“Over the last week the US has seen the largest one-week increase in mobility since the pandemic began,” the IHME team wrote in an analysis containing data through March 8. “This huge jump in mobility means 22 states have mobility levels within 10% of the pre-Covid-19 baseline.”
The latest projection is based on a scenario that accounts for continued spread of the B.1.1.7 virus variant in some locations and scale-up of Covid-19 vaccination in the US over the next few months. Under that scenario, the current projected death rate of 1,395 deaths a day could drop to 86 deaths a day by July 1. If most people wore masks, it would be just 36 deaths a day by July 1.
However, if those who have been vaccinated move toward pre-pandemic levels of mobility, the model projects 822 deaths a day by July 1. In that scenario, IHME projected 655,666 American coronavirus deaths by July.
“If more rapid behavioral relaxation than expected continues, transmission could easily increase enough to counteract the effect of vaccination scale-up and decreasing seasonality,” the IHME team said.
If 95% of Americans started wearing masks, the model projects 584,943 deaths by July 1.
CNN’s Van Jones said Thursday that President Biden’s address to Americans on the day he signed the Covid-19 relief bill into law was “what we needed right now.”
“He didn’t say, you need me. He said, ‘I need you,'” Jones said. “He didn’t just say the states. He said and the tribes and the territories. He talked about the rural America. He’s got money in there for rural Americans. He talked about corporations coming together. And he stuck up for the Asian-American community that’s been living a horror for this entire time.”
Jones went to praise Biden for not criticizing his opponents.
No Republican in the House and Senate voted in favor of the Covid relief bill.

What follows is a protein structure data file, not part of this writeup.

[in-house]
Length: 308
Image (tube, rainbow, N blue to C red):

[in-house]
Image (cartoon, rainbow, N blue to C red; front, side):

“He didn’t blame the other party for not being there,” Jones said. “He told the country that we can get this done.”
Hear from CNN’s Van Jones:
President Biden said later during his remarks on the anniversary of the pandemic that while he’d like Americans to spend July 4th with family, “things may get worse again as new variants of the virus spread.”
“As I told the woman in Pennsylvania, I’ll tell you the truth. July 4th with your loved ones is the goal, but with goals, a lot can happen,” Biden said. “Conditions can change. The scientists have made clear that things may get worse again as new variants of the virus spread. We’ve got work to do to ensure that everyone has the confidence and safety and effectiveness of all three vaccines.”
More on Covid-19 variants: The US is at risk of losing all its recent gains in the battle against Covid-19 as highly contagious variants take advantage of Americans getting lax with safety measures.
“Please hear me clearly: At this level of cases with variants spreading, we stand to completely lose the hard-earned ground we have gained,” said Dr. Rochelle Walensky, director of the US Centers for Disease Control and Prevention.
After weeks of tumbling case numbers, new infections are on the rise again — about 2% more this past week compared to the previous week, Walensky said Monday.
“Similarly, the most recent seven-day average of deaths has also increased more than 2% … to nearly 2,000 deaths per day.”
Watch the moment:
President Biden admitted that many Americans had “lost faith” in democracy and the US government over the course of the pandemic during his primetime speech Thursday evening.
“We lost faith in whether our government and our democracy can deliver on really hard things for the American people,” Biden said, adding to comments about all the things the pandemic had taken away.